She was shy, fighting back tears, and desperately trying to understand what was being said to her. She didn't notice me waiting. Neither did he. I could see that she was being trained to operate the cash register, I could hear that English was her second language and one that she was still just beginning to learn. Her teacher, the man who usually ran the kiosk, was brusque and impatient in his teaching methods. Finally, he noticed me, greeted me, I made my purchase. She noticed me too, I saw the kind of 'fear of difference' look on her face that we, who are different, see all the time. She noticed me noticing and looked away quickly.
The next time I went to the kiosk, it's where I buy lottery tickets, or as Joe likes to say, our retirement strategy, so I'm there weekly. She had the same kind of shocked and fearful expression, her English was halting but noticeably better than the week before, she served me, I thanked her. She looked at me again, this time with a bit of curiosity.
It's been over a year now of going to the kiosk and buying tickets. Now, it's different, she chats with me when I buy the tickets and she smiles genuinely when the talk gets silly about what we'd each do with the money from a win. I know, when I go there, I can anticipate welcome.
I saw her yesterday, I was going by the kiosk quickly, aiming to meet Joe downstairs. She saw me and waved and smiled broadly. That was the first time I saw how beautiful she was. She was standing tall, confidently, behind the counter, her gaze was direct and her smile was unrestrained. This was a far cry from the shy young woman who I first saw on her first training day.
I'm writing about her and our first encounter because of how I reacted that first day. The stuff that moved inside me when I saw that her first glance at me, even in the midst of the emotional struggles she was having as she struggled to learn to use the register, was one of fear and, of course, judgement. I moved from the empathy I felt for her as I knew what it was like to be overwhelmed when trying to learn something to the antipathy I felt towards her for the invalidating look she gave me. I had thought to myself, "I can get lottery tickets anywhere, I don't need to go here."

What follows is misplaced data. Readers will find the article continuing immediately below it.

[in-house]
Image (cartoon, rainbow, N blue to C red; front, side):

But then I decided several things: I shouldn't have to change my patterns because of someone else's reaction to me; she was in emotional stress and this may have effected the lens through which she saw me; if I decided not to shop in places where this happened, I'd never shop. And then finally, I thought, "give her a break" and that's what I did.
She's grown and changed. She sees me as a full person. There is no hint of prejudice or fear or judgement in how we deal with each other.
I've grown and changed. I'm learning that sometimes my reaction to one thing isn't a reaction to one thing, its a reaction built upon that thing happening over and over and over again. I need to be careful to see one person as simply one person - not as a representative of a whole pile of other people in other circumstances who have done the same thing. I know, now, that it's not be job to educate the community, but even so, I do it by being disabled, being fat, being gay and living in the world - it comes with the territory, get over it.
All this to say, it was nice to see her yesterday.
And it was nice to be just seen.